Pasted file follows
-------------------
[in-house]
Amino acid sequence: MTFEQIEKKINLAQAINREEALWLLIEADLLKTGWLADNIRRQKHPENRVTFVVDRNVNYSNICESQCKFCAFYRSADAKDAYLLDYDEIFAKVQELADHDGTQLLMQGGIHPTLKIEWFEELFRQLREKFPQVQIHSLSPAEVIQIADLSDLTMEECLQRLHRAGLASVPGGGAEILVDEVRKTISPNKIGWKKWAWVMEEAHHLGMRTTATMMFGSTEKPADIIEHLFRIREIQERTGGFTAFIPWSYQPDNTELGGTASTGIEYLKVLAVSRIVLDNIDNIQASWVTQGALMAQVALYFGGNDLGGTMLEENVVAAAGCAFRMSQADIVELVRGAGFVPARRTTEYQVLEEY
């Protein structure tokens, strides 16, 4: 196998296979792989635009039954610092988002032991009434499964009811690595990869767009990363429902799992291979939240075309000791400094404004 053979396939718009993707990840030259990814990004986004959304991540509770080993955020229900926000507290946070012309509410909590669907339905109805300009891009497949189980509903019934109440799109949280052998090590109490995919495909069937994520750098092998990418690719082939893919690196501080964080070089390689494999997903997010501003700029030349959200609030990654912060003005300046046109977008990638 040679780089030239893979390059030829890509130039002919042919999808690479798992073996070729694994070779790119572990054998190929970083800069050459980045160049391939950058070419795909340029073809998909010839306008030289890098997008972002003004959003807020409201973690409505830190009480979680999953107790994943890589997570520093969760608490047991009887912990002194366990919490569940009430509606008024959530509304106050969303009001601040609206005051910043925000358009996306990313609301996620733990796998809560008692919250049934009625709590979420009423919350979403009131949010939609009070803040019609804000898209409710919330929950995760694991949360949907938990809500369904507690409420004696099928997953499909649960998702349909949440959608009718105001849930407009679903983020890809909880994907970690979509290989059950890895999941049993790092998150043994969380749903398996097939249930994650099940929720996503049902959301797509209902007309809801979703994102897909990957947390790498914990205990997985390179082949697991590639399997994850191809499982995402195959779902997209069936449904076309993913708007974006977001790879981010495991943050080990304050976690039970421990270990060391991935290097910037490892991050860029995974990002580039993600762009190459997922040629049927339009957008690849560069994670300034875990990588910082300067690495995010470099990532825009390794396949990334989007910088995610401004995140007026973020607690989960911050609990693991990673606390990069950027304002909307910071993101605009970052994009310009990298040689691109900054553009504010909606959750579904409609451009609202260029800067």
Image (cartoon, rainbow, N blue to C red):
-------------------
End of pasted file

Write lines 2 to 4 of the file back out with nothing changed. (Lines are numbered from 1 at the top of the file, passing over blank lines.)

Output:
Amino acid sequence: MTFEQIEKKINLAQAINREEALWLLIEADLLKTGWLADNIRRQKHPENRVTFVVDRNVNYSNICESQCKFCAFYRSADAKDAYLLDYDEIFAKVQELADHDGTQLLMQGGIHPTLKIEWFEELFRQLREKFPQVQIHSLSPAEVIQIADLSDLTMEECLQRLHRAGLASVPGGGAEILVDEVRKTISPNKIGWKKWAWVMEEAHHLGMRTTATMMFGSTEKPADIIEHLFRIREIQERTGGFTAFIPWSYQPDNTELGGTASTGIEYLKVLAVSRIVLDNIDNIQASWVTQGALMAQVALYFGGNDLGGTMLEENVVAAAGCAFRMSQADIVELVRGAGFVPARRTTEYQVLEEY
């Protein structure tokens, strides 16, 4: 196998296979792989635009039954610092988002032991009434499964009811690595990869767009990363429902799992291979939240075309000791400094404004 053979396939718009993707990840030259990814990004986004959304991540509770080993955020229900926000507290946070012309509410909590669907339905109805300009891009497949189980509903019934109440799109949280052998090590109490995919495909069937994520750098092998990418690719082939893919690196501080964080070089390689494999997903997010501003700029030349959200609030990654912060003005300046046109977008990638 040679780089030239893979390059030829890509130039002919042919999808690479798992073996070729694994070779790119572990054998190929970083800069050459980045160049391939950058070419795909340029073809998909010839306008030289890098997008972002003004959003807020409201973690409505830190009480979680999953107790994943890589997570520093969760608490047991009887912990002194366990919490569940009430509606008024959530509304106050969303009001601040609206005051910043925000358009996306990313609301996620733990796998809560008692919250049934009625709590979420009423919350979403009131949010939609009070803040019609804000898209409710919330929950995760694991949360949907938990809500369904507690409420004696099928997953499909649960998702349909949440959608009718105001849930407009679903983020890809909880994907970690979509290989059950890895999941049993790092998150043994969380749903398996097939249930994650099940929720996503049902959301797509209902007309809801979703994102897909990957947390790498914990205990997985390179082949697991590639399997994850191809499982995402195959779902997209069936449904076309993913708007974006977001790879981010495991943050080990304050976690039970421990270990060391991935290097910037490892991050860029995974990002580039993600762009190459997922040629049927339009957008690849560069994670300034875990990588910082300067690495995010470099990532825009390794396949990334989007910088995610401004995140007026973020607690989960911050609990693991990673606390990069950027304002909307910071993101605009970052994009310009990298040689691109900054553009504010909606959750579904409609451009609202260029800067």
Image (cartoon, rainbow, N blue to C red):